In any case, when the mobile receiver 2 is at the first position, the virtual positioning reference is established by logging in the database 28 the position as determined by the GPS receiver 20 against the time at which a first instance of a code word is received by the transmitter 7. The time at which the first instance of the code word is received by the mobile receiver 2 is determined by the local clock of processor 30 of the mobile receiver 2.

Once the virtual positioning reference is established, the mobile receiver 2 is then able to enter into the region 10 to position M2 in which GPS is unavailable (for example, under a dense canopy) and self-localise using the transmitter 7. The local clock of the mobile receiver 2 is run during movement of the mobile receiver 2 between the first position M1 and the second position M2. Once the mobile receiver 2 is at the second position M2, a second radio signal capture window is opened.

Assuming that the mobile receiver 2 is within range of the GSM transmitter 7, code words originating from the GSM transmitter 7 will be visible in the second opened radio signal capture window. In particular, a second instance of a code word will be present within the radio signal capture window at a give time period elapsed from when the first instance of the code word was received. This is again measured by the clock local to the mobile receiver 2. The time difference between when the first instance of the code word was received and when the second instance of the code word is received relates to the time elapsed during movement of the mobile receiver 2 from the first position M1 to the second position M2 as well as the shift in the position of the code word as a result of the change in relative distance from the transmitter 7. The virtual positioning reference is used to determine the shift in position of the code word resulting only from the change in distance of the mobile receiver 2 relative to the transmitter 7.

This can be done because, as stated, the code words are repeated at a regular and therefore predictable repeat rate. Therefore the mobile receiver 2 can predict when a second instance of a code word would have been received by the virtual positioning reference—essentially acting as a virtual reference base station. This will be an integer multiple of the code word repeat rate added onto the time at which the first instance of the code word was received. It will be understood that the value of the integer multiplier can be determined in relation to the time elapsed since the first instance of the code word was received by the mobile receiver 2.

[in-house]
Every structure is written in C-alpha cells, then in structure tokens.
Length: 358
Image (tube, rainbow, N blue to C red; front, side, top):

In any case, the time at which the virtual positioning reference is predicted to receive the second instance of the code word is differenced from the time when the second instance of the code word is actually received by the mobile receiver 2. The remaining time value is that relating to relative movement between the mobile receiver 2 and the transmitter 7. This is represented schematically in FIG. 2 as the difference between the radius of the smaller dashed circle (i.e. the distance of the mobile receiver 2 at the first position M1 away from the transmitter 7) and the radius of the larger dashed circle (i.e. the new distance of the mobile receiver 2 at the second position M2 away from the transmitter 7). The difference in time as a result of the change in distance of the mobile receiver 2 is simply factored with the known speed of the radio wave to determine the distance travelled relative to the GSM transmitter (and therefore the new distance away from the GSM transmitter 7).

The differential calculations are processed directly by the dedicated differential positioning module 35, leaving the main general purpose processor 30 free for other processing tasks. As the differential positioning module 35 is specifically set up to process these differential calculations, the overall computation and power consumption of the mobile receiver 2 is reduced more than if the general purpose processor 30 were to have to process these differential calculations. Thus, the presence of the differential positioning module 35 means that the positioning determination can be advantageously implemented in hardware rather than in software to be executed on the processor 30. As will be described in more detail below relation to FIG. 4, the same dedicated differential positioning module 35 can be used to perform differential calculations on data received by an actual reference base station 4 as well as a virtual positioning reference.